While I’m redesigning my blog, I’ll be re-publishing my favorite popular posts. This piece was originally published on March 24, 2014. It sparked an amazing Twitter discussion, because the agent I mention below reached out to me. So much has advanced in one year in terms of diversity in children’s literature but the movement’s ongoing. For some great resources / intro to the “debate,” check out my Reosurces for Writers page and the WNDB website! -P
I write from where I come from isn’t a good enough excuse for why there are only white straight people in your book.
My parents made sure I had books featuring black protagonists, knew my history, played with black barbie dolls, and so forth. Representation was always there. Yet I still found myself reading other things. The books my parents provided were great, but I wanted to read about superheroes, criminal masterminds, wizards, girls who disguise themselves like boys to become knights, and so forth and those characters didn’t look like me, not on the covers or in the books, but I was okay with that because I just wanted to read.
I didn’t care who was on the cover, I didn’t care that I mostly read “boy books” growing up or that there were no queer romances in my YA books.
I. Did. Not. Care.
I kept not caring until college. I’d pretty much stopped reading books for pleasure during my last two years in high school. I was going through a lot, and it was no longer cool to talk about The Clique series, Vampire Academy, Twilight, and so forth at the lunch table like my friends and I used to do just a couple years earlier. I graduated high school, went to Wellesley College, and all of a sudden everything my parents had “forced” on me about black pride and activism slapped me in the face. It was my reawakening. That’s not to say I look back with fondness at those years, as a child, I spent picket fence in hand protesting injustices in black communities, but I do look back and thank those years for the person I am now.
Activism comes in all forms.
I hated the protests my father dragged me to because they didn’t mean much to me. I was a booklover, my happiness was always assured as long as I had a good book. Reading was my means of escaping, or so I thought when I was little. Yesterday I finally watched Catching Fire (a book I love) yet because of this article or rather thanks to it, I couldn’t stop looking at Katniss and thinking damn, 1) this is/was such a whitewashed film even thought the books weren’t and 2) this would’ve been so much better had someone from Rue’s district been the protagonist, who seemed like the poorer ones & are basically sharecroppers. Not to mention, as the writer of the latter article says, “if you’re going to write a story about the marginalized, why not reach down and pick the darkest girl?”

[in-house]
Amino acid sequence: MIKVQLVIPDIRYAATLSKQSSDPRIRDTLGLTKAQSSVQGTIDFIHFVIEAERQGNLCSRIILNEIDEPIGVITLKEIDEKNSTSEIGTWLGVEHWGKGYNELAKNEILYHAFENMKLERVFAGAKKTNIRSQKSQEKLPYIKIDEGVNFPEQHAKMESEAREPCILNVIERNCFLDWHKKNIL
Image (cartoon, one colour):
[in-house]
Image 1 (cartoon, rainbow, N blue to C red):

Thoughts like those keep me up at night. Sure, like my dad says, you should be able to envision yourself in any book. I mean, that’s what I did for years. However, is there any wrong in wanting to read about a black girl who doesn’t hating herself, who isn’t a slave, who isn’t living during the civil rights movement, and/or who isn’t from one of the various time periods in history class when I was called upon to speak for my entire race?
As a child I was content with reading books featuring only white, straight, abled kids. These characters, aside from the fact that it was up to them to save their world, were perfect and though I didn’t realize, that led to years of me hating myself because I could never be like them. Whenever I said my favorite character was Jo March, I quickly reminded myself that I would’ve been a slave at that time or that I wasn’t a boy when I said my favorite character was Artemis Fowl.
So yes, although the answer I write from where I come from is nice. I no longer accept it. I’m not calling out one single author for there are many authors who have said something similar.
The stories I write do not only feature black characters. I do a TON of research, even when writing black characters, because believe it or not, even people of a certain culture have stereotypes about that culture that can bleed through into their writing.